When big-name celebrities pair up with big businesses, customers often believe the adage: You are the company you keep.
Rap artist Jay-Z is learning that firsthand. He has complained recently that he was unfairly “demonized” for not backing out of his collaboration with Barneys New York after the luxury retailer was accused of racially profiling two black customers.
Jay-Z, whose real name is Shawn Carter, has said he’s waiting to hear all the facts. Meanwhile, Barneys said in late October that its initial investigation showed no employees were at fault in the two incidents in which customers complained that they were detained by police after making expensive purchases.
The controversy illustrates the problems that can arise when celebrities and companies team up.
The deals are lucrative: Companies like having big names on their roster and celebrities are always looking to expand their brand. Revenue in North America from celebrity merchandise lines, excluding products linked to athletes, was a $7.8 billion business last year, according to figures available from trade publication Licensing Letter.
But when either side is accused of wrongdoing, the negative publicity can cause damage to the other’s reputation.
“It literally shows you how vulnerable the celebrity business is on both sides of the equation,” said Marshal Cohen, chief retail analyst at The NPD Group, a market research group.
More often, it’s the celebrities — not the stores — who are accused of bad behavior.
Late last year, for instance, Macy’s was pressured by some customers to dump real estate mogul Donald Trump’s line of $65 power ties after the billionaire verbally attacked President Barack Obama on social media following his re-election. One customer collected close to 700,000 signatures on a petition website signon.org. Macy’s stood by Trump.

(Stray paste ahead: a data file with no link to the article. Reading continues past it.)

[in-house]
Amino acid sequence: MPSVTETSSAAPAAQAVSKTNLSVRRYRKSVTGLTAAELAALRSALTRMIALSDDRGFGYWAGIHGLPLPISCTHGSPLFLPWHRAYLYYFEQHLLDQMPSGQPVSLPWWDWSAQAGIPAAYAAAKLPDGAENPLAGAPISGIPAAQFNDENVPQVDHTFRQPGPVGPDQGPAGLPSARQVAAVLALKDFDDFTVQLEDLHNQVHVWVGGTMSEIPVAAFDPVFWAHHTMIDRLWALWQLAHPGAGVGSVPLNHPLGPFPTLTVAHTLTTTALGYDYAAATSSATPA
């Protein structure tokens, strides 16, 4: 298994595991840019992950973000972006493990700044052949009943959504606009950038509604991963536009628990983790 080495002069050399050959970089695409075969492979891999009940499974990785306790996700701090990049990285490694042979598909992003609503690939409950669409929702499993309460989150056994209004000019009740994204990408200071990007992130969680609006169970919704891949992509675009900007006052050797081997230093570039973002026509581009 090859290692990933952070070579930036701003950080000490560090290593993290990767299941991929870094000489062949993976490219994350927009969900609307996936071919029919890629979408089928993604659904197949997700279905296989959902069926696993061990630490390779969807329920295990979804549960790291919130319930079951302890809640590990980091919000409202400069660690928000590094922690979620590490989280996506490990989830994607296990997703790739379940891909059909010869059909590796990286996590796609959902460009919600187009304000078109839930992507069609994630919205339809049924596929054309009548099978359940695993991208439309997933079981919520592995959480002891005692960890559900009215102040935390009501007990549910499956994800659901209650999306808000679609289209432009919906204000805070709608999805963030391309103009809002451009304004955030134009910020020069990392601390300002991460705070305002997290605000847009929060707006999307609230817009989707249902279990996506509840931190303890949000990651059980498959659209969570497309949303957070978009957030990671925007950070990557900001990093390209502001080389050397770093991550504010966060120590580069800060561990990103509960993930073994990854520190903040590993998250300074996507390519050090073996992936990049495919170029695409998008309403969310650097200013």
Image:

Another example: home maven Martha Stewart. After being convicted on federal criminal charges of lying to prosecutors about a stock sale, she served a five-month prison sentence that ended in 2005. Kmart, which sold her towels and kitchen accessories until 2009, continued to carry her line.
But experts say that the subject of race can stir up even more emotions, so there’s less tolerance for slip-ups.
“Everybody wants to be fair minded and not make generalizations about a group,” said Marty Brochstein of the Licensing Industry Merchandising Association, a trade group.
Celebrity chef Paula Deen’s empire, which spanned from pots to TV shows, began to unravel in June, within days of the public disclosure of a legal deposition in she admitted under oath to having used the N-word to describe black employees.
In addition to losing TV shows and book deals, Deen lost valuable partnerships when Target and other retailers said they’d no longer sell her products.
Until now, Michael Stone, CEO of brand licensing agency Beanstalk, says it’s been the norm for personalities to have moral clauses in contracts that let merchants back out.
But Stone, who has reviewed 100 celebrity contracts, says he hasn’t seen it the other way.
For Jay-Z’s part, in late October he was facing significant pressure from an online petition and Twitter messages from fans to cut his ties to Barneys.
Barneys is starting to selling items this month by top designers, inspired by Jay-Z, with some of the proceeds going to his charity. Jay-Z is also working with the store to create its artistic holiday window display.